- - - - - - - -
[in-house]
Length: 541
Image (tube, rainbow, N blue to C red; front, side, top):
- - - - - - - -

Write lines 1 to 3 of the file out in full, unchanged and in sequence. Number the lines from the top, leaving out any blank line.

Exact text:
[in-house]
Length: 541
Image (tube, rainbow, N blue to C red; front, side, top):